Blessed Are the Young, for They Shall Inherit Baseball

On a night where baseball celebrated its past, the youth movement took centerstage. 
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On a night where baseball celebrated its past, the youth movement took centerstage. 
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Before last night’s All-Star Game, Major League Baseball held a ceremony to celebrate a web traffic-driving promotional campaign called Franchise Four. Fans previously voted on the four greatest players to wear each franchise’s jersey and all 120 of them were revealed on the Great American Ballpark’s giant video screens. The ceremony climaxed with the “Greatest Living Players” taking the field. Hank Aaron, Johnny Bench, Sandy Koufax, and Willie Mays shuffled to the mound, soaked in the applause and left. There was, as it happens, some baseball to play.

That details of the ceremony are relevant, not so much because it was memorable or even very important, but because of what happened next—Mike Trout led off the All-Star Game with a home run. You smell that? It’s the noxious aroma of symbolism. Four men with a combined age higher than Trout’s batting average (331 years vs .312) had just left the field and the 23-year-old manchild had immediately made it clear who the real stars of the night were. Not the old dudes who played decades ago, but the young ones who’ve still got decades to go.

Along with Trout, there were 19 other players on last night’s rosters who were 25 or younger. That’s more young guys than any other All-Star Game before. And they were everywhere. They played in the outfield and in the infield. They pitched and they caught. They started and they came off the bench.

They excelled, like Trout and Manny Machado, who doubled in a run and nearly put two more on the board with a shot to warning track, and they flailed, like Bryce Harper, Joc Pederson, and Salvador Perez, who were a combined 0-7 with six strikeouts.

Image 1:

But none of that really mattered on a night when their simple presence was enough to make baseball’s transformation clear. There are dozens of highly-skilled and highly-marketable young stars playing the game right now. Hell, not even all of them were in Cincinnati. Yasiel Puig, Freddie Freeman, Carlos Correa and Joey Gallo will be staples of All-Star Games of the future.

And that’s only the hitters. The three 25-and-under pitchers who threw last night went three innings, striking out three and giving up a run. Relative geriatrics Jacob deGrom and Aroldis Chapman, both 27, put on the most dominant pitching performances. deGrom struck out the side in the sixth on 10 pitches, the fewest ever thrown in a three strikeout inning at the All-Star Game. Two innings later Chapman struck out the side himself, throwing 14 pitches, 12 of which were over 100 mph.

Speaking of old dudes, there were two home runs hit last night in addition to Trout’s and they came off the bats of 28-year-olds Andrew McCutchen and Brian Dozier. The game is so young now that guys born when Derek Jeter was in high school are considered old.

Seems like maybe I should mention the score of the game at some point, so here it is: 6-2 American League. But does anyone really care? As hard as MLB has tried to make the All-Star Game “matter,” it’s impossible to get worked up about World Series home field advantage in July. The All-Star Game works much better as a showcase of talent and last night it was oozing out of a bunch of guys barely old enough to buy beer. That’s good for baseball and it’s good for fans, especially those of us who like leagues that celebrate their future more than they obsess over their past. 

Photos by Rob Carr/Getty Images